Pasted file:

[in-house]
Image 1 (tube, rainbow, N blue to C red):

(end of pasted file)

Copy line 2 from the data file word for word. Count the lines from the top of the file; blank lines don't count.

Image 1 (tube, rainbow, N blue to C red):